Troy Culture Layers

The investigations of Schliemann and Dôrpfeld and the modern, well-planned excavations of the Cincinnati Group under Professor Biegen proved that Troy-consisted of 9 different culture layers,

TROY 1: 3200 – 2600 A.D

The oldest Troy settlement was built on rock at the beginning of the Copper Age. In this layer, tools and weapons made of copper were found. The question of who founded this settlement, .however, has not yet been settled. The people who lived here were at q fairly advanced stage; they were able to make houses that were large, square or even on a round plan, the walls of which were made of stone and sun-dried bricks. Timber was also used for both the walls and the roofs. The shorter walls’of this construction had a door opening either inside or outside leading into a kind of porch. A fireplace was constructed in the center of the building. This is the first example of the large megarons to be seen at Troy ll.

It can be seen that the first settlement was effected in three stages. In the last two stages, a city wail surrounds a small town”, this wall being constructed of large stones at the bottom and small stones at the top,interwoven with sun-dried brick and tirhbet- in a herringbone design. The wail had large towers. Thus, we see that even the first settlement provided the appearance of a state.

The important point was the presence of meial and particularly this layer, enabling us to place this Troy stratum in the Chalcolithic period. The largo number of bobbins, and wool spindles found in this layer indicate that it was the custom to wear clothes. The most important find of the Biegen team was a relief of a human being worked in limestone. This is the first plastic memorial dating from this period found in Anatolia and the Aegean region, and it is unlike Mesopotamian work. Thus Troy may be considered as an autochton civilization.

The fact that the walls found in Troy i are crooked indicate that It was an earthquake rather than a battle which destroyed the piace. This town went through three phases, and it was subsequent to the third phase that Troy .II was built.

TROY II; 2600-2300 B.C.

Troy II was a town of considerable fame with great city walls, fine towers, magnificent gates. The walls were constructed of large blocks of stone carved on either side timber and sun-dried brick being made use of. There were a number of large houses and fine megerons, and the palace of the ruler stood out in the center of the open space which was enclosed by the city walls.

There was a great deal of wealth, and Schiemann and Blegerij found their collections of gold, silver and capper in this layer. A single house here yielded nearly a hundred pots and vessels. The pots have handles in the shape of ears. Other finds include a number of flywheels, flaring bowls, pots in the shape of human figures and animals, ceremonial vases with two handles (amph-ichlpellos). These are similar to those found at Alaca and Karoog-lan.Among the cultural objects found in this layer are an Important number of stone idols and seals. Troy ¡1 established close relationships with Central Anatolia, Hellas and the Aegean area, but was destroyed as the result of an invasion.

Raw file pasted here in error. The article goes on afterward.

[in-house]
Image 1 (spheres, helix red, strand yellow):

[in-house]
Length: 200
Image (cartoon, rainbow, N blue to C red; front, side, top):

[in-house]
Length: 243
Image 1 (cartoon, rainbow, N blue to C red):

TROY 111 – IV: 2300 – 2050 B.C.

These two cities were of a quite different character. The construction is af rather poor quality. The pots and vessels found here are of a different type, but flaring bowls continue to be found. The new type of vessel is in the form of a jug with one handle and a long beak – like mouth. As in Troy II, the ceramic is of one dominant, pale color. The Inhabitants were mainly’farmers and shepherds.

TROY V: 2050 – 1900 B.C.

A certain progress is to be seen In Troy V. The constructions found outside the famous city walls of Troy VI indicated, in square No, A 7-6 of Dorpfeld’s plan, are of considerable interest. The smoll four-sided rooms with yellow plaster surrounded with high walls are reminiscent .of both Yumuk tepe and the Phrygian walls ot Alisar, This city was repeatedly burnt down or destroyed and then rebuilt.

The period of these construction coincides with the Bronze Age. The pots and vessels are mainly light In colour for decoration, and the Latin cross is found decorating the Inside of the pots. This type of decoration is atso to be found In the upper Bronze Age layer at Alaca and also at Karaoglan in the so-called Proto Hittite stage. This layer was destroyed by fire.

TROY VI; 1900 – 1300 B.C.

Troy VI covers a wider area than the other layers with its fine city walis, military and civil constructions. This settlement has been the subject of extensive research.

The city walls, which are 4.5 meters wide in places, are fortlfied-with towers built of cut stane. To the south is the Dardanas Gate mentioned by Horner, Other smaller gates were also found. The north septian of the walls was completely destroyed in the Hellenistic and Roman periods, and materials taken from here were used in the construction of the Temple of Athena and other buildings.

The finding of a number of large houses in the Acropolis dating from this period, of water closets Inside the constructions at the foot of the city walls, of vast jars for storing corn in the houses, all indicate that the Troy Mound was a fortified area used as a place of refuge in time of war by the inhabitants of small settlements round about.

The most important archaeological find linking Troy VI with the Hittite Culture field is the burial ground of the sixth city, situated to the south east where burnt bodies were buried. This burial A reconstructed plan of settlement II g; a ivalled fortress with a single, heavily fortified entrance gate. In the centre is the great ‘megaron’ assembly-hall and to the west the residential palace. Area: about five acres (After Seton Lloyd). ground dates from the 14th century B.C. and is contemporary with the Hittite inscriptions describing the burning of the dead. Here weres, found hundreds of examples of this method df burial. The bodies were partly cremated then the remaining bones and ashes were placed in small jar’s.